Drivers feel the pressure to keep moving and get frustrated when hung up at loading docks, said Tom Stefanopoulos, owner of Norm & Lou's Restaurant, popular with truck drivers bringing shipments to the Philadelphia Regional Produce Market in South Philadelphia. "I've seen guys come in here early on a Sunday and not get unloaded until Monday."

Joe Hobbs, 62, of Chillicothe, Mo., agrees. "These guys here are pretty good," he said, watching his load of Idaho potatoes being unloaded at Quaker City Produce, in the produce terminal.

They started unloading his truck soon after he arrived and were hustling. "But I've sat at some docks eight to 10 hours. If they'd let us count that time as off-duty, that would be OK," Hobbs said. "I could take a nap in my sleeper." He finds such naps restful, he insists, despite the rumble of forklifts loading or unloading his trailer. "When I feel them quiet down, I wake up," he said.

Anette Sandberg, a former administrator of the Federal Motor Carrier Safety Administration and a former chief of the Washington State Patrol, is sympathetic with drivers who feel rested after naps.

"But a lot of scientific studies say if you break sleep into small chunks, you won't get enough restful sleep to focus on tasks. Drivers say trust me, that's how I feel. But that's not data. If they make rule based on how people feel, they'd be back in court," she said, citing lawsuits from Public Citizen, a Washington-based safety activist group.

Ideas on how to make trucks and the cars around them safer abound.

Training comes up often in conversations with industry experts and drivers. "Some companies will give a guy six weeks of training and call him a truck driver," Hobbs said. "I see young drivers fly by in ice and snow, then down the road, there they are, jackknifed and blocking traffic."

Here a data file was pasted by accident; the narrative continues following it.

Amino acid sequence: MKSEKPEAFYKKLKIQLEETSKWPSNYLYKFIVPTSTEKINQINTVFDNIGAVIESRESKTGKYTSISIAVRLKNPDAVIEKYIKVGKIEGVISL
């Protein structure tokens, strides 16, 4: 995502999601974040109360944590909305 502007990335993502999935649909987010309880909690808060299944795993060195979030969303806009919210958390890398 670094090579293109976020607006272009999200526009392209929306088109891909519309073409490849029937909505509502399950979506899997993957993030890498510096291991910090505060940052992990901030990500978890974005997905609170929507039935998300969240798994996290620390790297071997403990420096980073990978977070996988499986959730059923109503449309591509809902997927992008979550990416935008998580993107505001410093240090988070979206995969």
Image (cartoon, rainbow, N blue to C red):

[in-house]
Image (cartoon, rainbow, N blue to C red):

The solution is to pay drivers by the hour instead of by the mile, said Todd Spencer, a former truck driver who is executive vice president of the Owner-Operators Independent Drivers Association.

"Truck drivers have to work around everybody else's schedule. Shippers and receivers have no financial incentive to avoid wasting drivers' time," Spencer said.

With all the hassles, Hobbs still loves life on the road. In part that is because he has kept a clean driving record for 27 years and built up enough experience to get on with a top company, Great Plains Transport Inc., of West Fargo, N.D. Every three years, the company buys him a new truck, with a comfortable sleeper cab, and his wife travels with him from time to time.

But he worries about the future. Many truck stops have become places where drivers get knocked in the head and robbed, and there is less camaraderie on docks and rest stops than there once was, he said. Drivers now frequently come from Eastern Europe and Asia and speak little English. "I tried to talk to that man over there. He couldn't understand a word I was saying," Hobbs said.

Tucker, the Cherry Hill logistics firm owner, and others see worrisome trends getting too little attention. "Eventually we who buy things will pay for the inefficiency with higher prices," Tucker said.

State budget problems and other conflicts take the public's eye off the road ahead, Tucker said. "It is," he added, "almost like we're going to have to get to having nothing on shelves to get people to pay attention and prepare for the future."